John Wu


Top 11 Cornell Grads and Faculty in the Cryptocurrency Industry

San Francisco, CA
September 10th, 2018

As a Cornell undergrad, I can say that I learned how to think critically and analytically as an Economics major due to the rigorous course curriculum. Looking back, I realize now that the engineering and mathematics department as well as the liberal arts departments have produced a disproportionately high number of co-founders and CEO’s in the blockchain industry.

  1. Richard Ma, CEO of Quantstamp: Richard Ma studied Electrical and Computer Engineering at Cornell and was a high-frequency trader for a Bitcoin HFT fund before he co-founded Quantstamp, a protocol for smart contract audits. “Cornell’s rigorous Electrical and Computer Engineering program, as well as my engineering work on the Automotive X-Prize, built the foundation for a successful career in algorithmic trading, and then in the field of blockchain security with Quantstamp”
  2. Emin Gun Sirer, Scientist and Professor at Cornell University. Emin co-authored a whitepaper that describes new protocols called Snowflake, Snowball and Avalanche which randomly sample network participants and choose a single result.
  3. Euwyn Poon, Co-Founder of SPIN and LRX (Layer Protocol). Euwyn received CS degree from Cornell before subsequently obtaining a JD from Cornell Law school. Poon co-founded the popular bike-sharing platform SPIN and also most recently co-founded Layer Protocol, a decentralized reputation, incentive, and payments protocol for the global sharing economy, built on the blockchain.
  4. Jae Kwon, Co-Founder of Tendermint & Cosmos. Jae Kwon is co-founder and CEO of Tendermint and Cosmos and also President of the Interchain foundation. Jae began work on Tendermint in early 2014 and previously dealt with encryption and public key hashes earlier in his career. Jae is a CS graduate of Cornell.
  5. Gee Chuang, Co-Founder CEO of INK Protocol / Listia. Gee Chuang is Co-Founder and CEO of Listia and Ink Protocol and received his Masters in Electrical and Computer Engineering from Cornell. Ink Protocol is a decentralized reputation and payment system for peer-to-peer marketplaces and helps ​users safely ​send ​and ​receive ​payments ​in ​P2P ​marketplaces ​while ​earning ​a ​reputation ​for ​every completed ​transaction.
  6. Matt McGraw- CEO of Dispatch Labs. Matt McGraw is Co-Founder and CEO of Dispatch Labs a blockchain advisory group and also incubates several blockchain-related projects at Here Collective, his own co-working space based in San Francisco’s Mission District. “Cornell taught the whole me, not just tech, or Econ, or some specific thing. And now supporting the E@C program and really pushing entrepreneurialism on campus’s in general I think it’s helping push a new generation of business savvy domain experts.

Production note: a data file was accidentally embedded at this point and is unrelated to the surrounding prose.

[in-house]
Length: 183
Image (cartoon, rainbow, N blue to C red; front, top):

7. Richard Choi — Co-CEO of Carry Protocol. Richard Choi is Co-Founder and CEO of Carry Protocol and received a Master’s in Biomedical Engineering from Cornell. Carry Protocol empowers consumers to own & monetize their transaction data. Carry brings blockchain to the offline world.
  8. Arry Yu — Co-Founder & President at STORM. Arry Yu received her Bachelors in Math, Music and East Asian Studies from Cornell and currently is Co-Founder and President of StormX, based in Seattle. StormX changes way people earn money by matching them with tasks and letting them complete small gigs from any mobile device, anywhere in the world, and be rewarded in cryptocurrency.
  9. Elaine Shi — Co-Founder & Chief Scientist at Thunder Token. Elaine is a distributed computing Associate Professor at Cornell and Co-Founder Chief Scientist at Thunder Token, a blockchain with “optimistic instant confirmation.”
  10. Kathleen Breitman — Co-Founder at Tezos. Kathleen Breitman is a graduate of Cornell and manages operations for Tezos. She was previously a strategy associate at R3, the blockchain consortium for R&D consisting of more than 200 companies.
  11. Richard Craib — Founder of Numerai. Richard studied Mathematics at Cornell and was on the Dean’s List. Writes Richard: “The mathematics classes were much tougher than the other universities I went to. It felt like you could really fail so you had to work extra hard for your grade rewards.”

In my opinion, the rigorous Math and Engineering departments at Cornell fostered the independent thinking needed to foster innovation in a nascent industry. Why do you think some institutions have produced more grads that are now movers and shakers in the blockchain industry rather than others? Feel free to leave comments below.


Disclaimer: These opinions are solely my own and do not represent the opinions of Sharespost or any companies that I may advise or invest in.

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